Referring back to FIG. 1, it can be seen that groups 4 and 6 of terminals 3 are at opposite ends of group 5 of the terminals. In addition, cantilevered spring contact arms 15 of the terminals in groups 4 and 6 are inclined or directed toward lateral side 2 a of the housing, while the cantilevered spring contact arms of the terminals in group 5 are inclined or directed toward second lateral side 2 b of the housing. This allows for a surface area shown in phantom at 17 on top surface 11 of the housing of a size sufficient for engagement by the vacuum-suction nozzle. In prior art connectors, this surface area would not be available, because the orientation of the terminals (i.e., the direction of inclination of spring contact arms 15) would alternate lengthwise of the connector. In addition, by orienting the spring contact arms of the terminals in one group, such as groups 4 and/or 6, in a direction opposite the inclination of the spring contact arms of the terminals in another group, such as group 5, balanced mating forces are applied to the connector. This can be understood by referring back to the direction and location of mating forces “C” in FIG. 5. Although there are more terminals in group 5 than the total terminals in groups 4 and 6, the distribution of forces has been found sufficient to prevent undue stresses on the connector, particularly the solder connections between tail portions 13 and the printed circuit board, which might cause damage to the board connections.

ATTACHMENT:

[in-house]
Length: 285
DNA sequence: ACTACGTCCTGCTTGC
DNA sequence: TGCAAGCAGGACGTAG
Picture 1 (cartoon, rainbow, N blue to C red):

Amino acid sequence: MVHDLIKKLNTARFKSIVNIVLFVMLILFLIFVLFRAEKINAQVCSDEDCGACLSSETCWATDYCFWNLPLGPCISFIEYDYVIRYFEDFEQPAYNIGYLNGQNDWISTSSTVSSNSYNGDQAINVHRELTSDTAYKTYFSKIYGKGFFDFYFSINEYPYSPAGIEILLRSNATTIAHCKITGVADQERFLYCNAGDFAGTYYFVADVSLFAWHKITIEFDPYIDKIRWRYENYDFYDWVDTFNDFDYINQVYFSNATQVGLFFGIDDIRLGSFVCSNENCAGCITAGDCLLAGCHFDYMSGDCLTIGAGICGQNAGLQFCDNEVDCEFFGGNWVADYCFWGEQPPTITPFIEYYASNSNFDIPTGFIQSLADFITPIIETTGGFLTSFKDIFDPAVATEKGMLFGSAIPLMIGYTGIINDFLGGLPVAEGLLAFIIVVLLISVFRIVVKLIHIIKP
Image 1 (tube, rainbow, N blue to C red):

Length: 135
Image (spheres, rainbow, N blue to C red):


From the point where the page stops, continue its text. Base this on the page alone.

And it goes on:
It will be understood that the invention may be embodied in other specific forms without departing from the spirit or central characteristics thereof. The present examples and embodiments, therefore, are to be considered in all respects as illustrative and not restrictive, and the invention is not to be limited to the details given herein.
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|U.S. Classification||439/630, 439/940, 439/66|
|Cooperative Classification||Y10S439/94, H01R43/205|
|Feb 23, 2005||FPAY||Fee payment|
Year of fee payment: 4
|Mar 11, 2009||FPAY||Fee payment|
Year of fee payment: 8
|Apr 19, 2013||REMI||Maintenance fee reminder mailed|
|Sep 11, 2013||LAPS||Lapse for failure to pay maintenance fees|
|Oct 29, 2013||FP||Expired due to failure to pay maintenance fee|
Effective date: 20130911